US & Canada

Where things stand in the legal battle over Texas’ six-week abortion ban

After a federal judge blocked the ban last week, Texas secured an administrative hold on that order late Friday from the 5th US Circuit Court of Appeals, effectively reviving the abortion ban after it had been halted for just two days. The back-and-forth is happening in the Justice Department’s challenge to the law, which is one of several fronts where the legal battle over the ban is being fought.

Even though a three-judge 5th Circuit panel sided with Texas in issuing the hold and temporarily reviving the law, there is a chance the panel could change course and allow the ban to be halted yet again.

Still, the lack of urgency from the panel seems to suggest that a majority of the judges on it are inclined to let the ban stay in force.

“They’re not hustling, which is not a good sign if you’re the DOJ,” said Steve Vladeck, a CNN legal analyst and professor at the University of Texas School of Law.

The current showdown between Texas and the Biden administration is ultimately headed to the Supreme Court, which in 5-4 vote last month allowed the law to take effect.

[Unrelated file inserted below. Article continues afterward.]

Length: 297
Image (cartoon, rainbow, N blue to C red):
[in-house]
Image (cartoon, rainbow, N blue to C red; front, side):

In the meantime, for nearly a month and half, Texas has been allowed to implement the law that is in direct conflict with Roe v. Wade. That 1973 decision enshrined constitutional protections for abortions pre-viability, a point around 23 weeks.

Texas Right to Life, which advocated for the state’s six-week abortion ban, estimates that the law is preventing 100 abortions per day.

“We fully expect the Biden administration to appeal to the Supreme Court of the US, and we believe Texas will continue to defeat these attacks on our life-saving efforts,” the group’s spokesperson Kimberlyn Schwartz said in an email Friday night, after the ban was revived.